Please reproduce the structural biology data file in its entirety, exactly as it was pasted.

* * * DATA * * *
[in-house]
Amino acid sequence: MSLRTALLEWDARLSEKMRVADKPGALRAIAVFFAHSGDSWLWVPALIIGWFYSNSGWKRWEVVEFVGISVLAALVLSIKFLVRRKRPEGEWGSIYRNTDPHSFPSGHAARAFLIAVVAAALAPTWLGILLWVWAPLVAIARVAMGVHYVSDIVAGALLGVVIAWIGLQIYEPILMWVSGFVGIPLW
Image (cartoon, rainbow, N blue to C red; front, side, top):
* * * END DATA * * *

[in-house]
Amino acid sequence: MSLRTALLEWDARLSEKMRVADKPGALRAIAVFFAHSGDSWLWVPALIIGWFYSNSGWKRWEVVEFVGISVLAALVLSIKFLVRRKRPEGEWGSIYRNTDPHSFPSGHAARAFLIAVVAAALAPTWLGILLWVWAPLVAIARVAMGVHYVSDIVAGALLGVVIAWIGLQIYEPILMWVSGFVGIPLW
Image (cartoon, rainbow, N blue to C red; front, side, top):